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Beyond the stars: Our Universe

Posted on May 5, 2023

The new Netflix series Our Universe explores the fascinating relationship between Earth and the cosmos

WORDS Robert Shepherd | IMAGES Netflix & Stephen Cooter

When Morgan Freeman lends his voice to something, it’s sure to be a hit. Having played the character Red, who narrates The Shawshank Redemption (1994), he went on to become the voice behind several documentaries and TV series, including Cosmic Voyage (1996), Slavery and the Making of America (2004), March of the Penguins (2005) and Breaking the Taboo (2011). Freeman also hosted and narrated Through the Wormhole from 2010-2017.

His latest project is Our Universe, a six-part nature documentary made by BBC Studios and Netflix. So, with one of the most well-known voices in the business secured, the team was charged with making it visually spectacular.

Paul Silcox, VFX director at Lux Aeterna and VFX supervisor for the series, explains how – in terms of technological challenges – processing huge amounts of space data into the VFX pipeline was incredibly significant. The team worked with Durham University’s Institute for Computational Cosmology, processing simulation data to show the formulation of Earth’s moon on screen.

“It took four weeks to process a massive 30TB of information into the various formats needed for the show,” he describes. “With 100 million points per frame, 1.4 trillion data points were processed for just one scene. We had to change quite a few things about the way we work to manage that pipeline, including turning to the cloud and using AWS to scale up our rendering output. However, the result of upscaling our efforts means we now have a robust and powerful pipeline to work on even larger projects in the future.”

To get the desired look, the team worked mostly in SideFX’s Houdini, alongside Maya and Nuke, for the 700 shots it produced for Our Universe. The VFX team also developed in-house tools to deal with project-specific challenges.

“ShotGrid and Deadline managed the render of all our VFX and have become a permanent part of our pipeline,” adds Rob Hifle, Lux Aeterna creative director. “It’s because of the power and flexibility of these tools, combined with the talent of our 25 artists, that we delivered the project on time and budget, keeping open lines of communication with the production companies to ensure everyone was satisfied with the final shots.”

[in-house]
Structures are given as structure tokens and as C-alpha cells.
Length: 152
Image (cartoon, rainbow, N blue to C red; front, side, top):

Early in development, director and producer Stephen Cooter had extensive conversations with showrunner Mike Davis and Netflix to define the look.

“The show is pretty unique – combining natural history with VFX to tell animals’ stories in the context of both planet Earth and the wider universe itself,” Cooter explains. “We shot in a widescreen 2.39:1 ratio, and although we left the final decision to individual DOPs, our go-to package was Atlas Orion series anamorphic lenses with the Red Gemini to get the cinematic look that the epic nature of the storytelling required. The choice of anamorphic lenses tied the two strands of the show together – the intimate ‘character’ moments with the animals, and the huge cinematic space shots – to illustrate that everything you see in the show is connected. It is these cinematic aesthetics – taking references from the science-fiction films of Steven Spielberg and JJ Abrams – that demonstrate this wasn’t a standard space or wildlife documentary show.”

The team needed to meet Netflix’s delivery requirements: a minimum of true 4K delivery, and on 2x anamorphic squeeze. Director of photography on Our Universe Dale Bremner explains how, given both the environmental and physical constraints, he knew multiple set-ups of both camera and lens combinations would be required to successfully achieve this. The BBC’s original desire was to shoot Red Helium with Atlas Orion series lenses, though he opted for Panavision G Series combined with a DXL2 and Sony Venice package.

“Some key technical hurdles that present themselves when shooting anamorphically are: vertical and horizontal resolution loss, horizon barrel distortion, smaller aperture range, inconsistent weight and front element dimensions, undesirable lens breathing and a lack of minimal focus lengths,” Bremner says. “Considering all these factors, I needed a base set of anamorphics that held up in low light, with minimal distortion, a uniformed casing, a realistic minimal focus range and a balanced visual consistency. Personally, I find when shooting the ocean’s horizon line, any skew feels amplified, so any deep distortion needs to be minimised as well. It’s almost as if we’re subconsciously conditioned to see the ocean within a perfectly horizontal plane; anything else feels completely off.”

Bremner explains that Panavision’s G Series anamorphics ticked these boxes perfectly, so he combined them with the Sony Venice for its resolution, high-ISO capabilities and internal NDs in the majority of the on-land sequences.

“When the G Series were pushed beyond their low-light and minimum focus limits, I supplemented them with Panavision Primo sphericals to match the G Series aesthetically,” he adds. “A Panavision Super Macro 90mm was used to capture hero shots of our baby turtles emerging for the first time, as dioptres can distort and amplify resolution loss.”

This article appears in the May 2023 issue of Definition. Read the full story here.

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